I’m not saying that these thoughts run through my head, or anyone else’s, every time we see stories like this. They don’t. I’m saying that the news is so saturated with this sort of content, that we forget about all the good in the world. These thoughts, that I have mentioned, become engrained in our subconscious and effect the way we live. We are led to believe that it is dangerous to leave our house. Well, it’s not. Sure, we should still be exposed to these stories and not deny their existence, but – and I’m no artist – they paint a picture of a mean, angry, world with bad people.
I don’t think that’s the case. I think we are good people…or at least most of us are. Not everyone is a saint, but everyone is capable of doing nice things.
I often hear, or see people post on social media, “my faith in humanity has been restored (insert heart-warming story)”. It has been “restored”? Where did it go in the first place? Probably sucked into the TV or the Internet when you came across a horrifying news story.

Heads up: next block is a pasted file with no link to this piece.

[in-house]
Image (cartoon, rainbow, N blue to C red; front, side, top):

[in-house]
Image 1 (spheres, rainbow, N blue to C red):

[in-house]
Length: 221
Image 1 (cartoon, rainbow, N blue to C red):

They say that one bad apple spoils the bunch. Well, can’t one good apple make the bunch better?
Just because you don’t see them on the news, doesn’t mean that good people don’t exist. When you go about your day tomorrow, look at all the good things that are happening around you that don’t get attention.
Strangers holding doors open for each other might not seem like a big deal, but no one likes a door closed in their face.
Students lending each other a pen in lecture.
Letting someone on the bus ahead of you instead of bull-rushing the door.
People giving up their seat on a bus/train for a pregnant lady. I see this all the time. Why doesn’t it get a segment on the news?